In Hanoi, Vietnam, correspondents filed into the press camp to hear about the latest military engagement in France’s war against the Communist-led Viet Minh. The French colonel presiding explained that French forces had secured a crushing victory in northern Vietnam, inflicting severe losses on communist combatants, and compelling the remaining enemy troops to flee across the Red River where they were being pummelled by French air power.
The colonel could not revel for too long in tales of France’s battlefield success, for his announcement was interrupted by Bill Granger, a crude and often inebriated American correspondent. U.S. representation in the press corps had swollen in recent years, following Washington’s 1950 decision to supply French forces with American military hardware. U.S. officials hoped this aid would stave off Vietnam’s fall to communism, preventing the start of a domino effect they feared would see all of Southeast Asia slip into the Soviet Union’s Cold War orbit.
After forcing the evasive colonel to reveal the scale of French losses, Granger turned to France’s next steps. Incensed by the American’s condescending tone and provocative questioning, the colonel eventually snapped, informing Granger that French options were limited by the tardiness of the arrival of U.S. aid.
Washington’s failure, the colonel sneered, to deliver the helicopters it had promised would probably cost French lives, leaving those wounded in the battle to trek through dangerous terrain in which death by ambush or gangrene likely awaited them. And with that the colonel stormed out of the press conference.
The above account summarising Granger’s tense interaction with the French colonel is a scene from British author Graham Greene’s Indochina novel, The Quiet American. Since its publication in 1955, historians, encouraged by Greene’s own admission that the book contained more direct reportage than any of his other works, have sought to uncover the real-life inspirations behind the novel’s characters and plot.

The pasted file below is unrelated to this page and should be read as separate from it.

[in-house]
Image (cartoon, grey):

Scholars have focused their attention principally on identifying the quiet American of the novel’s title, Alden Pyle, the CIA operative whose idealistic pursuit of a Third Force between communism and colonialism succeeds not in engineering democracy in Vietnam but rather sowing death and destruction in the streets of Saigon.
Far less attention has been paid to the novel’s quite accurate portrayal of the tempestuous relationship between American correspondents and the French, one of several issues that fostered an uneasy alliance between Paris and Washington during the Franco-Viet Minh War.
The press conference Greene depicted in The Quiet American was more fact than fiction, drawn from a December 1951 briefing that Greene himself had attended in Hanoi in which Pulitzer Prize winning American journalist Larry Allen, the model for Granger’s character, baited Colonel Gousset about French casualties.
Such clashes between French officials and American journalists, as I show in my article ‘Press Management and U.S. Support for France in Indochina, 1950-1954’, were frequent events during the early 1950s, with French officials regularly complaining to U.S. diplomats about the behaviour and reporting of American correspondents in Vietnam.
U.S. reporters, Paris noted, fixated more on French military setbacks and the evils of French colonialism than France’s honourable contributions to the causes of the Cold War and Vietnamese development. The French argued that such reporting succeeded only in strengthening the position of those in the French National Assembly calling for France to withdraw from Vietnam and abandon it to the communists.
The novel’s references to the evasiveness of French press officers and the severe restrictions and strict censorship that the French placed on American correspondents also accurately captured the obstacles reporters faced in covering the war, as well as the reasons for journalists’ frustration with their French handlers.